Unwritten Constitutional Modification
It is so difficult to amend the Constitution, we mostly don't do it. Our system is to have the Supreme Court migrate slowly through several small adjustments, watching the country respond. Occasionally we have imported new principles, sometimes not entirely wise ones, adopted without the same seasoning.
Constitution and Civil War
The Constitution hoped to reconcile slavery with Abolitionists, but the Civil War put it all to a test. Or so they say, but there were other issues, too.
The best way to remind Americans, especially skeptical ones, of the unique value of our Constitution is to ask a question. "Can you name a single other examples in all recorded history where thirteen nations peacefully gave up sovereign power to become one unified nation?" No, but it took two hundred years of failures of similar attempts, to demonstrate the American achievement. The U.N. and the European Union are recent examples of other failed attempts to conciliate and unify; the French Revolution was an early botched one. With few exceptions, unions are unified at swords point. This dismal record exists in spite of abundant evidence that most nations are too small to prosper; it seems to be necessary to beat people over the head to make them agree to be prosperous. Even so, ratifying our unification was a close call, hotly resisted by notables like Patrick Henry and Thomas Jefferson.
Many historians conclude our Constitution was merely lucky, could not have been accepted at any other time, except immediately following a shared revolt against high-handed misrule. During that eight-year war, the follies of ruinous inflation, unenforceable contracts, drum-head justice and inability to collect taxes -- the collective anarchies of feeble government -- were everyday observations. America wanted to rid itself of a king, but it was plain that without that remarkable man, George Washington, peace and prosperity were inconceivable. In short, America had just felt the consequences of many choices it would need to avoid, so in 1787 we avoided them. A much-criticized decision was made by the founders to avoid the slavery issue and a good thing we did. Eighty years later we still had to fight our bloodiest war, just to hold that Union together. The industrialized North did not go to war to free slaves. It fought to preserve a dynamic Union of expanding states. Even The South was not defending slavery so much as struggling to preserve a place in this new world until it could find some plausible way to escape its antiquated life support. That is not easy to do under a system of majority rule.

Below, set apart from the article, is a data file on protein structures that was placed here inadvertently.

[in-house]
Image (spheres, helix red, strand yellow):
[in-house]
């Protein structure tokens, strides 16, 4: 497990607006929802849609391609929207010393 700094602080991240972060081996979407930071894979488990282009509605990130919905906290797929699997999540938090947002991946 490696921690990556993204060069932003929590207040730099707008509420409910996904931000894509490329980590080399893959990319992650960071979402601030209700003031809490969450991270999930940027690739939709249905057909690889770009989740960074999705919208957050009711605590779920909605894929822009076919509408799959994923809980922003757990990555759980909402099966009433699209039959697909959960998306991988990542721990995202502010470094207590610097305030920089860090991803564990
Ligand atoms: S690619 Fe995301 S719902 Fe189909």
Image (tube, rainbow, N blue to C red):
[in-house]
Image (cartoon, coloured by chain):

Although the Constitution enshrines majority rule, the American Union is held together with the glue of decent respect for minority viewpoints. That's fragile glue, indeed. In any unavoidable collision of interests, the main argument for still leaving the Constitution untouched is not respect for Original Intent. It is fear this unique accomplishment will disintegrate if tinkered with.
Three other introductory points need to be made, about John Marshall, about Philadelphia, and about the evolution of common law into statutory law. The Constitution we know did not emerge complete from the 1787 Convention, or even after the first Congress produced the Bill of Rights in 1791. John Marshall, who did complete it, was not even the first Chief Justice. Nevertheless, almost alone he forged national agreement on three essential points: 1. The Constitution is the keystone of our legal system, dominant over other authority. 2. Since the Republic began with a legal blank slate, English Common Law is the default position, but only until the Supreme Court rules on it or Congress asserts a statute. 3. The Supreme Court and only the Supreme Court may define what the Constitution means when challenged. These three unwritten axioms seemed so clear and irrefutable when Marshall deployed them, that they still stand -- because they are unchallengeable, not because they were ratified.
Finally, the rest of the nation may not be completely comfortable hearing a Philadelphian declare that our quite singular Constitution could not have emerged from any other city, as well as at any other time. The evidence to support what some may call chauvinism rests on the historically abrupt decline of American civic virtue as soon as the nation's capital moved to less utopian surroundings. Others may well have a different viewpoint, but the opinion remains that the nation survived the chaos from 1800 after the migration of the Capital from Philadelphia, until the end of Civil War -- only because we were protected by thousands of miles of ocean.